mySQL Date Bug: `date` >= '2012-03-01 00:00:00' is not the same as `date` >= '2012-3-01 00:00:00'

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I'm loving it! Really, mySQL is an interesting creature. It's full of surprises and you never know what it'll do. There seems to be a date bug which took me only about an hour to find.

I passed this to SQL::Abstract:

-and => [date => {'>=' => "$year-$month-01"}, date => {'<=' => "$year-$month-31 23:59:59"}],
Expected result? Every row with a date column within the requested month (assuming that MONTH(date) == $month AND YEAR(date) == $year is much slower because of the two conversions per row).  I learned that this would return the whole month except the first day of the month (00:00:00 time).

The new line is

-and => [date => {'>=' => sprintf('%04d-%02d-01 00:00:00', $year,$month)}, date => {'<=' => sprintf('%04d-%02d-31 23:59:59',$year,$month)}],
and I hope that thing will be better now.

5 Kommentare. Schreib was dazu

  1. Hi,

    this is something I also stumbled into. DateTime has a recipe for situations like these. By the way, using queries like yours above would break compatibility to other DBMS systems, like eg. SQLite.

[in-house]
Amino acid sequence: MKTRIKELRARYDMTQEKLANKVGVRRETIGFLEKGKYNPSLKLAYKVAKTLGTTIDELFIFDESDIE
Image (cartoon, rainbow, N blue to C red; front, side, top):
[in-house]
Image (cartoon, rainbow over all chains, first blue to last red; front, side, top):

Just read here:

  2. Sebastian

    I'ld love to use DBIx::Class in the project where I ran into that problem, but it's impossible for various reasons. I wrote something like a light version of DBIx::Class and was happy that it wasn't rejected, but getting SQL::Abstract::Limit wasn't easy.

  3. Perrin Harkins

    The original query breaks because it tries to compare two different data types (date and datetime). MySQL did an implicit conversion for you to try to make it work, but the results were not what you intended. If you enable MySQL's strict mode it will not implicitly convert between data types for you but instead will give an error forcing you to do the conversion.

  4. Meir

    There Is a function 'DATE' that given a DateTime value returns the date part.

    BTW, in many cases I enthusiastically declared columns as DateTime, only later splitting these into two separate columns 'Date' and 'Time'.

    I found that in practically all cases, I needed to index the date, but not the time. So building an Index on the DateTime column was useless. And MySQL does not support indexes on function-results of columns, e.g. on Date(`DateTimeCol`).

  5. Sebastian

    There are two problems: We've to use TIMESTAMP columns due to timezone problems with DATETIME. I'ld really prefer to use DATE for storing a date. And second I'ld like to avoid doing WHERE FUNCTION(column) because the function has to be called for every single row (or index value if mySQL would use an index in this case).

Schreib was dazu

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